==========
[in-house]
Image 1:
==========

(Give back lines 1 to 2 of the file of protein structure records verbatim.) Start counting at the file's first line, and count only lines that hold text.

[in-house]
Image 1: